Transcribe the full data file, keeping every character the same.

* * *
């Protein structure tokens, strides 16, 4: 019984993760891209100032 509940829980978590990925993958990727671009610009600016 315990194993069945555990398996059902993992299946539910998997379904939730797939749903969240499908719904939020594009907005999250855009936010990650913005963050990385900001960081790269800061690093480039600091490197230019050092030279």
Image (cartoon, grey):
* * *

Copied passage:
């Protein structure tokens, strides 16, 4: 019984993760891209100032 509940829980978590990925993958990727671009610009600016 315990194993069945555990398996059902993992299946539910998997379904939730797939749903969240499908719904939020594009907005999250855009936010990650913005963050990385900001960081790269800061690093480039600091490197230019050092030279």
Image (cartoon, grey):